Dark trading and market quality

01 August 2017

Moderate levels of activity in UK dark pools appear to support market quality in equities.

Changes in regulation, coupled with advances in tech, have led to a proliferation in new classes of trading venues. One of the most important are ‘dark pools’ – where orders with no pre-trade transparency are executed. In other words, where there is no visibility of the order book.

Dark pools attract big institutional investors for a number of reasons. Not only do they offer firms the opportunity to execute large trades while avoiding significant price impacts.  In most cases they provide better prices than lit venues. 

For this reason, dark trading has become increasingly important in Europe and the US. In European markets, the total value of dark trades stood at more than €898 billion for the 12-month period ending March 2014. Representing more than 9.6% of all equity trades in Europe.  In the US, dark trading was estimated to be around 31% of consolidated volume in 2012. 

These developments have raised questions about the quality of the price discovery process in markets where dark trading is prevalent. Global regulators and others have asked if dark pools reduce transparency. For instance, some have argued dark pools affect investors’ willingness to display quotes in lit venues, leading to a decline in overall market quality. 

Importantly though, no-one has really tested these claims. Existing studies have only looked at cases where the impact of dark trading on trading quality is measured for a single lit exchange. No research has looked across the whole UK market. 

To fill this gap, we aggregated data from the UK’s four main trading venues – the LSE, BATS Europe, Chi-X Europe and Turquoise, using high frequency data for 288 of the largest stocks in the London equity market. The stocks used are constituents of the FTSE 350, which consistently form part of the index over the five-year sample period (June 2010 – June 2015).    

This large-scale data grab is important because finance theory suggests that dark pools could be beneficial to market quality. 

On paper at least, you would expect ‘uninformed liquidity traders’ – an institutional investor, say, trading because of fund redemptions – to gravitate towards dark pools. Just as you would expect ‘informed traders’ – an investor with superior information based on expert analysis – to stick to lit markets. 

The former want to conceal their liquidity driven trades. The latter want the information in their trades out into the open and impounded in prices, ideally after they have traded on it. 

All other things being equal, this should result in a reduction in pricing errors and noise that you normally associate with uninformed traders firing their orders into lit markets, where they may be mistaken for ‘informed’ trades. Hence if uninformed traders select dark pools, and informed traders select lit venues, overall market quality improves.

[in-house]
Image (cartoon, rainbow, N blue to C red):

But we all know too much of a good thing can be ultimately bad. Consistent with this notion, it would be reasonable to expect that when even informed traders start to trade in dark pools, or dark trading passes a certain threshold, market quality will be harmed (indeed there is research to support this idea from both the US and Australia). So it makes sense, in theory, that dark trading is beneficial only up to a point.


Dark trading is not detrimental to market liquidity up to around 15% of total trading - if measured in value.

Consistent with theoretical expectations, our results suggest that the level of dark trading we see in London at the moment does not appear to be harmful to aggregate market quality. In fact, for the full sample of stocks we assessed, we found that dark trading is not detrimental to market liquidity up to around 15% of total trading - if measured in value. Our estimates are uncertain but one thing is clear: current levels of dark trading are not detrimental to market quality.

Once MiFID II becomes operational, at the beginning of 2018, this value will not be allowed to exceed 8% for each stock. 
However, it should be noted that the threshold is sensitive to stock-level liquidity. In other words, it is significantly lower for very liquid stocks (approximately 9% or 10%) and far higher for less liquid ones (at around 35%). 

The intuition behind this result is clear. For liquid stocks, dark trading is unlikely to reduce adverse selection to a significant degree – particularly given that the information available on such stocks is likely to be commonly held by a large number of market participants. 

For stocks that are not very liquid and only trade sporadically, it is likely that investors trade in the dark because they want to reduce their price impact. Not because they have superior information that they do not want to show their hand on.


This article was co-authored by Ivan Diaz-Rainey, Associate Professor at the University of Otago; Gbenga Ibikunle, Associate Professor at the University of Edinburgh; and Yuxin Sun, Research Associate and Doctoral Researcher at the University of Edinburgh’s Business School. Our thanks go to all three.


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